Covid-19 outdoor safety measures could become permanent features

Measures introduced to aid high streets and hospitality venues during the Covid-19 pandemic could now become permanent as the UK Government opens consultation on the permitted development rights (PDRs).

These measures include marquees in pub grounds, street markets operating year round, and eating outside as lockdown restrictions were slowly eased following several lockdowns. New licensing arrangements could also be agreed.

The Government is consulting on making a number of these permanent as “we build back better” from the pandemic. These include:

  • Class BA of part 12 for markets to be held by or on behalf of local councils: This temporary PDR that allowed markets to be held for an unlimited number of days, including the provision of moveable structures related to this use.
  • Class BB of part 4 for moveable structures in the grounds of pubs, cafes, restaurants and historic visitor attractions: These were allowed for the first time in the grounds of listed buildings to help to support the hospitality and tourism sectors. They were able to increase capacity as they reopened.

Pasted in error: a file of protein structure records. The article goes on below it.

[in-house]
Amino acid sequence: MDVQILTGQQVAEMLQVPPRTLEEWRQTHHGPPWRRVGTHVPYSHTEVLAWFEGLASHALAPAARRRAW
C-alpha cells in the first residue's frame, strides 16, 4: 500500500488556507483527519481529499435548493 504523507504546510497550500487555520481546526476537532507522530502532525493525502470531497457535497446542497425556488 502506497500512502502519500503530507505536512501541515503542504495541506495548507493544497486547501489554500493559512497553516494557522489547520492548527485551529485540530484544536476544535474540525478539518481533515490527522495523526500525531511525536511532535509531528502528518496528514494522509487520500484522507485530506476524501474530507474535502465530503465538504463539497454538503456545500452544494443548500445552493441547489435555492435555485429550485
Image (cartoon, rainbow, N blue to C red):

The Government said the consultation is also looking for views on PDRs to support the “efficient development” of MOD (Ministry of Defence) sites. This includes providing more accommodation, workspace, and training facilities at fewer facilities to reduce the pressure on local authorities.

Communities secretary Robert Jenrick said: “The simple reforms we made during the pandemic to help hospitality businesses, markets and historic visitor attractions make use of outdoor spaces more easily, made a massive impact. They helped thousands of businesses and attraction to prosper, made our town centres livelier and have been enjoyed by millions of us.

“As part of our vision to transform high streets into thriving places to work, visit and live, we intend to make as many of these measures permanent fixtures of British life as possible.”

The public consultation can be found on the UK Government website.